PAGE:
How do I Scan a Document to Add to Email?

by Richard Schupp ; Updated September 28, 2017

Scanning a document into your computer requires the use of a scanner. After scanning the document, it will be saved to your computer's hard drive as an image file. This image file can then be transferred to a number of different programs. It can also be sent to different people through email by adding it as an attachment in a message you are sending. Any email service can send an attachment along with your message. The process is as simple as logging into your email account.

Scanning the Document

Place the document with the side you wish to scan facing the glass. Make sure that the corners of the document are aligned with one of the corners of the scanner.

Close the lid to the scanner and press the “Scan” button. After the scan is complete, a preview of the scanned image will appear on your computer. Check the image and make any necessary edits.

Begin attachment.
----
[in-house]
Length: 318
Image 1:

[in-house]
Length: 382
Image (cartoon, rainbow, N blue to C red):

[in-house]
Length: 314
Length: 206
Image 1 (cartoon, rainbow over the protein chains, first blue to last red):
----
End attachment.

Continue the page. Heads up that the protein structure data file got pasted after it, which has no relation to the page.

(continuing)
Save the scanned file to a location on your computer. You can choose what file extension you wish the document to be saved as by clicking on the drop-down menu next to "Save as type" in the save window.

Attaching to an Email

Open you web browser and navigate to your email inbox.

Create a new email message. Place the email address of the person you wish to send the document to in the “To” line. Remember to add a subject.

Click on the button that allows you to attach a document to the message. This is usually a paperclip icon, or sometimes simply a button that reads “Attach.”

Click the “Browse” button and navigate to the location on your computer where you saved the file.

Click on the file to highlight it, and then click the “Open” button. When you see that your attachment is loaded to your message, you can add some text in the message portion of the email and click the “Send” button.

About the Author

Richard Schupp has been writing professionally for just over a year. After interning for Valley Forge Publishing in the fall of 2009, he completed his B.A. in English/professional writing from Kutztown University of Pennsylvania. Schupp has been published in "Therapy Times" and "rt Image" magazines.

Photo Credits

  • photo_camera Siri Stafford/Digital Vision/Getty Images